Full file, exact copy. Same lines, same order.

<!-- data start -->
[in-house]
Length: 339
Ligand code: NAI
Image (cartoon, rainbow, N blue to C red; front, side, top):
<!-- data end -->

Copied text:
[in-house]
Length: 339
Ligand code: NAI
Image (cartoon, rainbow, N blue to C red; front, side, top):